Why Features Tell, But Benefits Sell

features vs. benefits

For some entrepreneurs, it’s hard to see the difference between a feature and a benefit. They mistakenly present their product’s features as the solution to their customer’s problem, when what the customer really wants to know is how the product or service will benefit him or her. Since the difference between a feature and a benefit is not always clear, how can you make sure you are speaking to the benefits?


Simply put, a feature is what your product or service has or does. It is a characteristic that is a quantifiable, indisputable fact. Some examples include: a digital camera that shoots up to 10 megapixels; software with free online support; or a dog grooming service that comes right to your door. While they may be factual and convey an advantage, they don’t communicate why they are important or how they will help your customer. Measurements, colors, weight and capabilities are all features and do not sell a product.

That’s not to say that features aren’t important. It’s good for your customer to know the basics. Lists of features can help a potential user quickly compare your product or service to another. For example, if someone is shopping for a lightweight vacuum, they may look to the features list to determine the unit’s physical weight and compare it to others. But a feature alone won’t necessarily make or break a sale. When marketing to a customer, it’s the benefits of those features that come into play. And presenting them in the right light can mean the difference between gaining and losing a customer.


By definition, a benefit is something of value or usefulness. In marketing, a benefit explains what the features mean and why they are important. It can answer the question of “What keeps your customer up at night?” We often refer to that as the customer’s “pain.” Customers are looking for solutions and a benefit shows the customer how your features will solve their problems or ease their pain.

Let’s use one of the features above to illustrate what the benefit could be. What is the value to a customer of a digital camera that shoots up to 10 megapixels? It could mean a more professional photo that will be sharper and have true-to-life color. The benefit stated to a potential buyer could be that more megapixels will produce a better photo and a better way to capture important memories; this will mean more to the customer than a technical description.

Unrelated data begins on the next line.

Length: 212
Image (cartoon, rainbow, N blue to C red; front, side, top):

A benefit can also bring to light solutions to problems that a customer didn’t even know she or he had. Perhaps this 10 megapixel camera also features a blur reduction component. The benefit is that pictures will look sharp, even when taking an action shot. Suddenly, blurry pictures of the past may begin to flash in the customer’s head. S/he wasn’t looking for a blur reduction feature, but after seeing its benefits, it might just be what compels her or him to make a purchase.

How to Determine the Benefit

In general, nearly every feature has a benefit, but they aren’t always obvious. How can you help your customer see the benefits? Start with a list of a product or service’s features. What does it do? What unique characteristics does it have? What technical information is important?

Once you have all of your features listed, think about what each feature means. Why does it matter? What problem does it solve? Your benefits should dig deep and be as specific as possible. Show, don’t tell. For example, don’t just tell your customer that your payroll software can keep track of employee records. Show the benefit of this by expanding on how the software can help keep their payroll information as organized and accurate as possible. Finally, keep in mind that some features are simply that—features. If the dimensions of the product are standard, or your software is compatible with standard operating systems, you may not need to include them as a benefit when selling to a customer.

The difference between a feature and a benefit can be tricky to spot. For example:

“Product X is long-lasting, made from quality, durable materials.”

Is this a feature or a benefit? Does this show the customer why it’s important? It may seem trite. What customer wouldn’t want any product to be long-lasting, right? It must be a benefit. Wrong—this is a feature. It tells the customer about the product, but doesn’t tell them why it should matter to them. Perhaps those quality, long-lasting, durable materials will save them money or time, or help them preserve something important.

Remember, customers are really looking for benefits. Even if they are claiming to look for a certain feature, the benefit of that feature actually solves their pain. As Theodore Levitt, former Harvard marketing professor and editor of the Harvard Business Review once said, “People don’t want to buy a quarter-inch drill. They want a quarter-inch hole.” Keep this in mind as you determine what it is you’re really selling.

Still have questions about the difference between a feature and a benefit? Let us know! Leave a comment or tweet us at @IdeaXing!

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